The direct medical costs of AF included inpatient care (hospitalization), hospital outpatient care (specialist visits), primary health care (general practitioner visits), non-pharmacological interventions (inpatient and outpatient procedures), pharmacological treatment, and anticoagulation monitoring. Data on hospitalization and hospital outpatient care including non-pharmacological interventions, as well as the average number of visits per patient yearly were retrieved from the Patient Registry at the Swedish National Board of Health and Welfare, and was based on 2007. This Registry does, however, not provide any primary health care data. The proportion of AF patients treated in hospital outpatient and primary health care, respectively, was assumed to be 50% in each setting according to expert panel. That is, the estimated number of primary health care visits applied in the present analysis was equal to the number of hospital outpatient visits retrieved from the Patient Registry.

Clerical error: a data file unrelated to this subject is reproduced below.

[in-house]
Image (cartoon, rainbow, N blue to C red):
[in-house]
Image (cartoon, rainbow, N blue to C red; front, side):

The cost of AF as a secondary diagnosis was included in the analysis. The number of hospitalizations for patients with AF as secondary diagnosis was calculated as the number of all hospitalizations with AF (primary and secondary) less the number of hospitalizations with AF as primary diagnosis. This data were retrieved from the Patient Registry, whereas the disorders and/or cardiovascular risk factors analysed as primary diagnoses, with AF as secondary diagnosis, were based on findings on what were the most common concomitant diseases/risk factors according to the Euro Heart Survey on Atrial Fibrillation [16]. These diagnoses include hypertensive diseases, ischaemic heart diseases, valvular heart diseases, diabetes mellitus, and hyperlipidaemia. The occurrence of hospitalizations with AF listed as secondary diagnosis is thus based on actual and on observed data, while the primary diagnoses were assumed to reflect a common disease profile of AF patients as evidenced in the literature. A detailed analysis of these diagnoses was beyond the scope of the present study. Stroke and HF were analysed separately.